Title : A History of the Wife
Author :
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ISBN : 9780060931568
Format Type : Paperback
Number of Pages : 464 Pages
Status : Available For Download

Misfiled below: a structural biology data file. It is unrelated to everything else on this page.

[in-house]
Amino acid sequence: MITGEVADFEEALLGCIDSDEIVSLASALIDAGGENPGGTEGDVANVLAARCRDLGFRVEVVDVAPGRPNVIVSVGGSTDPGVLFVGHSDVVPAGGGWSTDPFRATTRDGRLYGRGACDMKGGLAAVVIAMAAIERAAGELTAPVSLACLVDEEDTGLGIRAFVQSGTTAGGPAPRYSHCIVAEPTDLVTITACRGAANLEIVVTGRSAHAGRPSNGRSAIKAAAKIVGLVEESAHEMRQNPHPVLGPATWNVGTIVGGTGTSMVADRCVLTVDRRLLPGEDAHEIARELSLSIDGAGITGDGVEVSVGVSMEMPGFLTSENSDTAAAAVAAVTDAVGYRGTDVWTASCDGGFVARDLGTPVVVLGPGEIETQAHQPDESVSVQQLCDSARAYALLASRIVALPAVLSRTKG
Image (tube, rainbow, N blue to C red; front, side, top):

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A History of the Wife Reviews

  • John
    2018-12-01 07:21